Five or six years ago, I thought it could be curtains for Lloyds Bank (LSE: LLOY), figuring the opportunity was with new challenger banks and fintechs. Today, things are quite different.
Consider many reasons why the future of Lloyds Bank looked grim back then.
Firstly, there was their public image following the the 2008 crash and the remuneration of the bank’s bosses.
Secondly, was the threat posed by the ‘saintly’ giant techs, the fear that the likes of “community creating” Facebook, “don’t be evil” Google, Apple, and Amazon would move in on banks’ turf.
Thirdly, there was legacy IT. The technology that establish banks’ operations relied on needed a comprehensive overhaul, but how do you transform key technology while still trading? Challenger banks and fintechs appeared to be at an advantage because they were starting with a clean slate.
Fourthly, there were low barriers to entry — as the traditional branch-based banking model was replaced by online banking, the costs of setting up a bank fell.
Then there were regulatory changes designed to remove the “too big to fail’ nature of banks, such as open banking regulations, forcing banks to provide data on individual customers to rivals, if requested by the customer.
Number six, there was the threat posed by cryptocurrencies such as Bitcoin, designed to cut out the middle man in the money transaction business.
Finally, there was the emergence of new funding models — peer-to-peer lending, and crowd-sourced funding.
How Lloyds responded
Today, things look quite different. While the public image of banks has improved, the techs seem to have lost the moral high ground in the eyes of the public.
Turning to IT legacy, and low barriers to entry, Lloyds Bank has surprised most analysts with the way it has embraced digital, (via its partnership with Microsoft), transformed its IT, and responded to the threat posed by challenger banks and fintechs by adopting an agile approach to product development while looking to partner some startups.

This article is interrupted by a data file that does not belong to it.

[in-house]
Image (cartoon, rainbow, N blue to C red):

As for new funding models, contrast the performance of Lloyds over the last few years with peer-to-peer lending company Funding Circle (LSE: FCH), which has seen shares collapse by 80% since the 2019 IPO, while losses have increased.
Turning to digital currencies, for many people, Bitcoin has been more about hype than hope. Facebook’s dream for Libra, its digital currency, has felt more like a nightmare for the company. China’s plan for a digital currency may be more tenable, but so far Lloyds seems unscathed by the cryptocurrency threat.
As for challenger banks benefiting from open banking regulation, the more interesting digital-based challenger banks are not yet listed on the stock market, but both Metro Bank and Zopa had a difficult 2019.
It’s not that Lloyds can point to 2019 as a triumphant year, what with profits falling precipitously after higher than expected PPI payouts. However, the PPI disaster has done is worst and the bank looks much stronger now. With its tempting dividends yielding in excess of 5.5%, I would say Lloyds is looking more appealing today that at any time for many years.
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Michael Baxter has no position in any of the shares mentioned. The Motley Fool UK has recommended Lloyds Banking Group. Views expressed on the companies mentioned in this article are those of the writer and therefore may differ from the official recommendations we make in our subscription services such as Share Advisor, Hidden Winners and Pro. Here at The Motley Fool we believe that considering a diverse range of insights makes us better investors.